In this lesson students learn that it is now possible for an individual with a family history of Huntington's Disease, a lethal inherited disease resulting from a genetic defect, to have a test to find out if he or she has inherited the defect. Since the disease is incurable and always fatal, the obvious question is whether or not an individual is better off knowing if the defect has indeed been inherited. Knowledge would be helpful in many ways. If the results are negative it means the individual can live a normal life without fearing an early, horrible death. If the results are positive it can help an individual prepare for the inevitable. An individual with the inherited gene may decide not to have children, each of whom would have a 50-50 chance of inheriting the lethal defect. On the other hand an individual may prefer to live with the uncertainty of not knowing rather than risk having to live with the certainty that she or he is doomed. Question 6 points out that the decision to have the test results in information that can affect relatives as well as the individual in question. Parents and children of an individual being tested, as well as the more unusual case of an identical twin, could learn that they are either definite or possible carriers of the defect from the results obtained by a person who chooses to be tested. This can clearly present thorny ethical problems for someone who is considering being tested.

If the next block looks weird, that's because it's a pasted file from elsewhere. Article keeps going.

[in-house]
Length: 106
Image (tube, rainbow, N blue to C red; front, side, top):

It is important to emphasize that serious ethical issues are by no means confined to the case of genetic testing for a fatal incurable disease. Genetic testing of any sort is associated with serious potential consequences that most people are not aware of. In many cases an individual is advised to see a genetic counselor before making a decision about whether to be tested. It has been suggested by some of the people who have studied this issue that such counseling should be made mandatory. Before any action could be taken on such a suggestion it would be necessary to define what constitutes adequate counseling. At present, genetic testing and counseling are expensive and are not financially feasible for the majority of people. This raises a general ethical concern about how a democratic society can assure fair access to present and future expensive biomedical technological procedures.

    Return to Part 2 - Model Classroom Lessons

    Return to Ethics in the Science Classroom: An Instructional Guide for Secondary School Science Teachers

Cite this page: "Lesson 18, My Friend Linda" Online Ethics Center for Engineering 7/17/2006 OEC Accessed: Thursday, July 18, 2019 <>